A week ago, Alabama coach Nick Saban caused a stir when he suggested that no-huddle, tempo-pushing offenses create an increased injury risk for tired defensive players, and went on to pose the question "is this what we want football to be?"
On Wednesday during the ACC coaches' teleconference, Clemson's Dabo Swinney weighed in sharply in opposition to Saban's contention.
"I don't agree with that at all," Swinney said. "I think that's not reality."
Saban said that the no-huddle offense has "obviously created a tremendous advantage for the offense" and added, "at some point in time, we should look at how fast we allow the game to go in terms of player safety...
"The (offensive) team gets in the same formation group, you (the defense) can't substitute defensive players - you go on a 14-, 16-, 18-play drive and they're snapping the ball as fast as you can go and you look out there and all your players are walking around and can't even get lined up," Saban said. "That's when guys have a much greater chance of getting hurt when they're not ready to play."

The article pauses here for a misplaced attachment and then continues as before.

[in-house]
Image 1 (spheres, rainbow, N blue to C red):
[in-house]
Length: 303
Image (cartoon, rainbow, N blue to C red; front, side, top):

"I don't agree with that," said Swinney. "I think that we have a play clock, and if you look at us, we substitute all the time. We play fast, but we're constantly changing personnel, constantly multiple formations and shifts and personnel groupings.
"When you do that, the defense has to be allowed to change personnel, and that's the refs' job, to manage that part. But we don't just put the same 11 guys out there and play them for 80 plays. You know, I don't know if there's a lot of teams that do that."
Swinney offered the counterpoint that offensive variety is one of the things that makes college football unique and attractive to fans.
"To me, if you look around, what makes college football fun is you have a lot of variety," Swinney said. "You see different things from week to week, whether it's the spread or the "I" or the triple option or whatever, and I think that's one of the things that makes it an incredibly popular game is that you just really never know from week to week.
"If you really want the same old thing and everybody to be conformed, then you've got that in the NFL. That's what Sundays are for, in my opinion....
"I just think that we've got a great game, and the variety makes it even better," he added. "Everybody has to have their own philosophy and be committed to it. But I don't agree with (Saban's) assessment or comments."